The rieslings were a standout. Te Whare Ra’s D (2020) and M (2021), Zephyr’s 2022, Rippon’s Mature Vine 2020 and Greenhough’s Apple Valley 2022 were glorious wines. Wine writers the world over are known for their Sisyphean attempts to get the oblivious public to drink more riesling and this is my addition to the canon. If you must have them dry, the Te Whare Ra D, Zephyr and Rippon versions are all for you.
In the chardonnays, Millton did well, as did Fromm’s chenin blanc/chardonnay blend. There wasn’t a bum note across the rosés and Hawke’s Bay showed well here, sug- gesting that perhaps a little more sunlight helps to flesh out the wines. Kenzie, as well as Marlborough’s The Darling and Paritua’s 2022 effort, stood out.
Pinot noir was the most represented grape, with stellar wines from Fromm (their Pinot Naturel 2021 had great length), Quartz Reef, Felton Road, Black Estate and Carrick.
Stonecroft produced three fantastic syrahs (the 2021 Undressed, the 2020 Serine and the 2020 Reserve). And hopefully, the category of lesser-known red grapes will continue to grow, because the likes of Amoise’s Gamay and Jenny Dobson’s Francie Cabernet Franc were a delight.
TEN ORGANIC WINES WE THINK YOU SHOULD TRY
QUARTZ REEF BLANC DE BLANCS, CENTRAL OTAGO, 2017
Bright, biscuity nose with floral and blossomy notes. Lovely, fresh, bright palate with great drive and lip-smacking freshness.
DOG POINT SAUVIGNON BLANC, MARLBOROUGH, 2022
Candied fruits, asparagus notes, grassy and very bright on the nose. A fresh, nice, dry palate. Pithy, up-front style of sauvignon blanc (try the Deep Down if you prefer something more herbal), but very enjoyable.
TE WHARE RA, M RIESLING, MARLBOROUGH, 2022
It was almost impossible to pick a riesling from the five I tasted. Zephyr, Greenhough, Rippon and the dry Te Whare Ra were all absolutely cracking wines. In the end, I plumped for the M (or ‘medium’) out of sheer personal preference for a well-balanced off-dry riesling (the Greenhough is also in this mould), but they all come highly recommended.
DEEP DOWN CHARDONNAY, MARLBOROUGH, 2021
A fantastically opulent nose of citrus, oak, toast and smoky notes. Glorious palate weight, texture and length. Only just pipped the likes of Stonecroft, Millton and Greenhough.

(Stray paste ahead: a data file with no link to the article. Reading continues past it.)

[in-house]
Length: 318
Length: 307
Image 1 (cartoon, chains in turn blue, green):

KENZIE WINES TEARZ WHITE NOIR, HAWKE’S BAY, 2022
From Kiwi prodigal son Dave Mackintosh (who recently returned to New Zealand after a long stint making wine in Australia), this is my rosé pick. Salmon-copper coloured, with stewed fruits on the nose. Angular palate but very fresh and pretty to drink with a lovely finish.
FELTON ROAD BANNOCKBURN PINOT NOIR, CENTRAL OTAGO, 2021
Up front, this showed better than its Calvert Vineyard stablemate, though the oak does come out once opened
for a while. May need a little time in the cellar to resolve that toasty note, but plum and red fruits on the nose are there, as is a sweet fruit palate profile; lovely, chewy tannins and fine texture and tension — very nice.
BLACK ESTATE NETHERWOOD PINOT NOIR, NORTH CANTERBURY, 2020
My pick of the two Black Estate pinots, this showed lovely bright red and black fruit and rose petals on the nose. A svelte palate profile that’s juicy, fresh, pretty and long. Of the two, it’s a fresher, more bright-fruit style.
JENNY DOBSON FRANCIE CABERNET FRANC, HAWKE’S BAY, 2020
Jenny Dobson is a Hawke’s Bay legend with an unbelievable wealth of winemaking experience, from Bordeaux to Bridge Pā. This is another glorious effort under her eponymous label — practically all the wines she makes for it are worth seeking out. Broody, dark red and black fruits and cherries. Lovely, chewy palate presence with light-grained tannins and a great, juicy length.
STONECROFT SERINE SYRAH, HAWKE’S BAY, 2020
All three Stonecroft syrahs were great — as was Fromm’s 2021 Naturel Syrah. For me, this example pipped the others at the post, though, showing macerated blackberry on the nose with a nice, linear fruit profile. A juicy, succulent and tight wine.
TE AWANGA ESTATE ONE-OFF SUPER STICKY LATE HARVEST GEWÜRZTRAMINER, HAWKE’S BAY, 2019
I remain sceptical that gewürztraminer has what it takes
to make a great sweet wine (its general lack of acidity is problematic), but I am tasting ones that I like. This isn’t immediately varietal in flavour, with more honey and almost petrol notes. It’s got a really luscious palate and would round off any good meal with aplomb.
All wines are tasted and rated blind.